Flash Review – Classroom of the Elite (Vol. 4.5)

It’s summer vacation, which means hardly a soul of the student body has any obligations to schoolwork, so, with so much free time, the cast run about doing the things this collection of short stories tells.

The Plainness:

These being short stories, there’s a limit to how mesmerizing any of the chapters can be, and this volume decides that if nothing can be great, everything should be acceptable. I wouldn’t describe any of the shorts as boring, but none of the things the characters do barely get an uptick on the excitement meter. There’s a noticeable increase near the end, when Ayakanoji gets conniving, but the rest is just everybody milling about until someone recommends a game of pool volleyball.

The Cunning Protagonist:

It’s no secret by this point that Ayakanoji is a manipulative psychopath, and I have mixed feelings about this reveal. On the one hand, there was a suspenseful air of mystery at not knowing what he was really up to. On the opposite hand, it’s thrilling getting to see his active behind-the-scenes work, but, being the unreliable narrator he is, the lack of reveal worked better in enforcing use of that trope, and it’s mildly annoying when he acts like he’s the same normal person he’s always been.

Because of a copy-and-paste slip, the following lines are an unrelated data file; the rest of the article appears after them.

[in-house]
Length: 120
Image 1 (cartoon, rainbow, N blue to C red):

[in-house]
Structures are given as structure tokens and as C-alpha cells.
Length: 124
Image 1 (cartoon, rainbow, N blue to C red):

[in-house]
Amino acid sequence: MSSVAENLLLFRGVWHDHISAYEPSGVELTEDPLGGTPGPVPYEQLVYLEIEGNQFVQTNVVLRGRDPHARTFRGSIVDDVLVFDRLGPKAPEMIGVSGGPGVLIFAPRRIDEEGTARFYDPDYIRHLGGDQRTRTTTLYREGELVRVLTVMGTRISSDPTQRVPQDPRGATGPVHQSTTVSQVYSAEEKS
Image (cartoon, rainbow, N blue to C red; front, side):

The Fortunetelling:

For my skeptical self, the worst story by far was the first. A fortuneteller drops by, and Ayakanoji goes to see them. He acknowledges that fortunetelling is just cold reading and he’s only going to see the art done in person, except he doesn’t. He gets his vague fortune told, makes no observations of the cold reading being done nor tries to fool the fortuneteller, then before he leaves is warned about a stroke of bad luck coming up and runs into said stroke fifty-nine seconds later. So which is it? Are fortunetellers full of it, or are they the real deal? This series wants to have its cake and eat it, too.

The Verdict:

Bland through and through. It tries to be clever by having the shorts lead into one another, but the connections are the most insignificant thing, like borrowing someone’s cell phone. This, combined with the fortunetelling whoopsie, has me thinking that this series isn’t as clever as it lets on to be. Ayakanoji’s schemes often are clever in their own right, but then it turns around and exclaims, “Look! That cute anime girl has huge knockers!”

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